The Hacker News
A Dutch-Moroccan team of hackers calling itself "Team DoulCi" have reportedly claimed to hack a protective feature on Apple's iCloud system, that could leverage an attacker to remove security measures on lost or stolen iPhone devices.

According to a report from Dutch news organization De Telegraaf, the hackers purchased locked iPhone devices for $50 to $150 each and then bypassed Apple's iCloud activation lock through a serious security vulnerability Apple has failed to patch with its most recent updates.

The critical vulnerability in the Apple's iCloud allowed them to unlock stolen iPhones in an instant, which could then be sold for a large profit in the Blackmarket. This is the first time when any hacker group has managed to compromise the highly secured Apple's iCloud service.

iCloud is a cloud storage and cloud computing service provided by the Apple Inc. to its users since October 2011 with more than 320 million users across the world. The service allows users to store and back-up data such as music, photos, applications, documents, bookmarks, reminders, backups, notes, iBooks, and contacts, and provides a platform for Apple's email servers and calendars.

The Dutch hacker go by the name AquaXetine and Moroccan hacker with the name Merruktechnolog, claim to have unlocked more than 30,000 stolen iPhone devices in the last few days.

In order to unlock those locked iPhones, the hackers use Man-in-the-Middle attack and tricked the iPhone apps into connecting with their server masquerading as an actual Apple server that's used to activate Apple devices. Once connected to the hackers server, it will instruct the iPhone devices to unlock.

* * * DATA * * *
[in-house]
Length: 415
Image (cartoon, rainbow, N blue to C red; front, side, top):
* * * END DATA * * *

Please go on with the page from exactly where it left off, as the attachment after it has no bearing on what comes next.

Security experts believed that with the use of this vulnerability, the hackers could do much more than just unlock the stolen devices. They believe it might be possible that the hackers can instruct the devices to read iMessages and even pull information including AppleID credentials.

It took the hackers five months to breach Apple's iCloud system and a Twitter account that may be linked to the same 'Doulci hacker' group, yesterday posted a tweet which claims that the group have "processed" more than 5,700 Apple devices in just five minutes using the hack.

With the good intentions and just to be on a safer side, the group reportedly contacted Apple about this vulnerability back in March, but Apple never responded and remained silent on the matter, which stimulated the hackers to go public with the disclosure. The hackers say they finally decided to approach the Dutch media because Apple has not yet admitted publicly that its system has been compromised.

The pair of hackers are offering unlocking services via website, according to information found on their website. doulCi is the world's first Alternative iCloud Server, and the world's first iCloud Activation Bypass.

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